Anyone who suggests that the Scots are infatuated with their own image as fighting men has failed to distinguish between infatuation and the real thing. On the corner of any one of a thousand gray streets from Wick to Berwick-upon-Tweed you are in danger of finding people who will earnestly ponder the question of whether it would take one or two Scottish regiments to cope with the Red Army and who will argue persuasively that Benny Lynch, if caught on a sober night, would have floored Muhammad Ali in mid-shuffle.
The fact that Lynch did his deeds as a flyweight is scarcely relevant. An advantage in weight did not help the late Sonny Liston when Peter Keenan, an archetypal Glaswegian who once held the bantamweight championship of Britain, the British Empire and Europe, brought him to order at a party given to offer a Clydeside welcome to the then-heavyweight champion of the world. Liston, in one of his less congenial moods, had knocked a cigar from a fellow guest's mouth and demanded rather loudly that Keenan, too, should refrain from smoking in his presence.
"Listen," said Keenan, glaring up from the level of Sonny's chest. "You may be the heavyweight champion, but I have never lost a fight in the street in my life. If anything is going out it's not the cigar. It's you."
"Aye," said a voice from the bristling group at Keenan's elbow. "And not by the door—by the windie."
Sonny, who was aware that the party was being held 10 stories up, cooled abruptly. Keenan then sat down on Liston's knee like a ventriloquist's doll. He called for action from the band, and a fairly conventional Glasgow party was under way again.
Most explanations of the Scottish capacity for personalized aggression embrace ethnic, religious, environmental and economic factors. The population of the country is an amalgam of wild races—Picts, Irish Celts, Norsemen, Vikings, Anglo-Saxons and a few other interlopers—set down in wild terrain, plagued but never overcome by invaders, scarred by the trauma of the Reformation and subjected to the extremes, first of agrarian poverty and—more recently—of the industrial version. Whatever emphasis should be put on these influences individually, there is no doubt that their combined effect is to produce an identifiable paranoia. To most Scots, especially to those who inhabit the urban areas of the central Lowlands, turning the other cheek is the ultimate heresy. They are a small race (also, there has never been a Scottish heavyweight boxer who could be guaranteed to hit a door if he held it by the handle), but their violence is not a petulant expression of frustration. Their problem is less a suspicion of inferiority than a conviction that the world is conspiring to conceal how remarkable they are.
This convoluted mentality does different things to different people. To Ken Buchanan, a 25-year-old carpenter from Edinburgh, it has brought the lightweight championship of the world and an overnight reputation among American boxing followers as one of the most impressive European fighters ever to cross the Atlantic.
In Madison Square Garden last December, Buchanan and Donato Paduano were put in the ring together as an expensive diversion for a crowd waiting restlessly to see if Ali and Oscar Bonavena would fight as bitterly as they had talked. Paduano, an undefeated Canadian welterweight previously applauded by Garden audiences as a practitioner of unusual refinement, came off his stool confidently with his shoulders hunched, feinting in close, short arm patterns. The left hand that jumped into his face was as sudden and unnerving as a water cannon. Paduano tried to regroup his thoughts and sneak a way past or under the hazard. But wherever he went he was met by that sickening jab. It came at him in singles, doubles and trebles, jolting his head so violently that his skull seemed likely to bruise his backbone. All too often for his comfort the straight lefts were reinforced by sharp hooks with the same hand or swift right crosses. Buchanan, bouncing round the ring with an upright, slightly stiff-kneed action, was invariably where Paduano did not want him to be. The Canadian was 10 pounds heavier, but it was clear that this would only compound his embarrassment. By the end of three minutes Paduano's face had reddened painfully, his mouth sagged open and his expression was that of a man who has sucked casually on an exploding cigar. He did no better in the five or six rounds that followed and, though Buchanan tired quite badly toward the finish of the 10-round fight ("I had a cold, and breathing got harder"), all three score-cards made him a runaway winner.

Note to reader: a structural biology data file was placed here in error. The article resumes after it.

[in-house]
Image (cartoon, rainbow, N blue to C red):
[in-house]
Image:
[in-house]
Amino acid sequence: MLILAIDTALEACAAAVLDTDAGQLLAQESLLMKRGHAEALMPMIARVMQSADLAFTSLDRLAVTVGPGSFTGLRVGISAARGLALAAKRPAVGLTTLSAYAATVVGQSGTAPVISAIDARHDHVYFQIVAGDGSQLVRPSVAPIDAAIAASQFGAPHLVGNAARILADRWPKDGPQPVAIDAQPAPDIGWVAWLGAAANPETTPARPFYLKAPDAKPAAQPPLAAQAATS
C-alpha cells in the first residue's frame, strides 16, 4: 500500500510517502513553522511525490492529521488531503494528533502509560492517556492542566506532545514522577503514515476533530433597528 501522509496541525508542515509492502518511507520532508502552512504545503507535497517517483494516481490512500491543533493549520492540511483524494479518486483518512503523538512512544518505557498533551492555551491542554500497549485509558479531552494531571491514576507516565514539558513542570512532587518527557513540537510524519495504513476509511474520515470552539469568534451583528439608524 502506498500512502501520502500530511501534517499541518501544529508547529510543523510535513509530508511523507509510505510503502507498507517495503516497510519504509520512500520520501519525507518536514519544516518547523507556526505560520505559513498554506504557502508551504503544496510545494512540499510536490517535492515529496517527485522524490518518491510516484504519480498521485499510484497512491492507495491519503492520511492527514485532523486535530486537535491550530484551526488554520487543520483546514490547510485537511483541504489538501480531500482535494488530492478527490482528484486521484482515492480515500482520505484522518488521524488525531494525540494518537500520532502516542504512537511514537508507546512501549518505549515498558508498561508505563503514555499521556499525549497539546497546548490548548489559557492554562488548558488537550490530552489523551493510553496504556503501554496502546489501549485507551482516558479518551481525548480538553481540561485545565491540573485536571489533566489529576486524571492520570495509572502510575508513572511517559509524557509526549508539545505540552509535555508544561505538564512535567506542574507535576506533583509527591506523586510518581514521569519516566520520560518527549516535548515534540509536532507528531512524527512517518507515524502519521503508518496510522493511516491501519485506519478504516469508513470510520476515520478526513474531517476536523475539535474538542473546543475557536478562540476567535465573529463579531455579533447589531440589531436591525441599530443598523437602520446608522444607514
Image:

Long before midpoint, American boxing writers, most of whom had remained unconvinced when this Limey had taken one version of the lightweight title from Ismael Laguna in San Juan a few months earlier, were turning in the direction of a Scottish writer at ringside with raised eyebrows and pursed lips. "You told us the kid was good," they said. "But he's better than that." The writer's accent broadened perceptibly as he proffered suitably modest responses. In the elevator that took them all down to the street after the Ali-Bonavena fight, a hard New York voice kept asking: "How about that lightweight? How about that? For boxing like that you gotta go back to Robinson."
When news of the extraordinary success reached Edinburgh a lot of people began to dredge their memories of Kenny Buchanan. What many could not realize was that Buchanan, brooding in the shadowed interior of his own personality high above the Atlantic, was sorting out his memories of them. From his early boyhood he had harbored a deep sense of persecution, a resentful belief that the other children in his working-class district—and their parents, too—were determined to leave him in despised isolation. Now he saw his triumphs less as a key to popularity than as a bludgeon to put down those who had denied it to him in the past.